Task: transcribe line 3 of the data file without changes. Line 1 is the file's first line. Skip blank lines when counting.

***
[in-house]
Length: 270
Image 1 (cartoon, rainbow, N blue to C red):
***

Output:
Image 1 (cartoon, rainbow, N blue to C red):